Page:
In the E-literate blog, Michael Feldstein has recently had a couple of jabs at the burgeoning interest in emergent learning, as enthusiastically promoted by Jay Cross and others. I suspect that he’s overthinking it and just doesn't get it.
He says “When people talk about “emergent learning” these days, this is not generally what they mean. What they generally mean is some form of rapid consensus-building in which a group of people can share observations and make coordinated decisions without any one person filling the role of executive command and control. “ He goes on “Nevertheless, if we want to figure out how the concept of emergence can (and can’t) be applied to the domains of group decision-making, then we need to get it through our individually thick heads that peer-to-peer education in a networked environment is not the same thing as emergence.”
He’s using “emergent” in the Steven Johnson sense of the increasing collective smartness of dumber parts, as in smart hives of dumb bees or smart brains of dumb neurons. And by that rather narrow use of the term, he’s right – emergent learning is something of an oxymoron. But “emergent learning” is not used in that sense, at least I have never heard it used that way. Those talking about emergent learning are not talking exclusively about how groups of people get smarter by being connected with each other, though it’s part of the discussion. And they are certainly not talking about rapid consensus-building.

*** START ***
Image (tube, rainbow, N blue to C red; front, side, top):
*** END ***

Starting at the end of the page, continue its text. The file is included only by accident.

More typically, they are using emergent in the sense that most dictionaries would define it – coming into being or coming into notice. What they are looking at is how emerging technologies (and unexpected applications of them) are changing learning strategies, learning organization, learning implementation, and generally changing the way we go about learning as individuals and as organizations. Learning, and the way it is promulgated, is evolving visibly as it becomes a persistent survival skill. And we need to understand what is happening so that we can recognize it, influence those developments, or leverage any emergent opportunities. (That is, opportunities that are coming into being or becoming recognizable). One of the challenges of emergent learning (and I guess of business generally these days) is to recognize what among all of the chaos coming at us is significant and to exploit it before it is a speck in the rear view mirror.
One of the interests of emergent learning does have to do with connectedness, leveraging the power of collective knowledge and experience in ways that were not possible before, discovering how technology-enhanced collaboration can help to improve performance, and trying to make sense of the way technologies are impacting informal learning.
But I don’t think anyone is looking to emergent learning as a way to create some kind of hive-like smartness in worker bees. The opposite is true – collaborative technologies allow individuals and cross-discipline teams to become more valuable and more prominent, as the employing hive and its collective knowledge become less structured, less hierarchical, and more porous.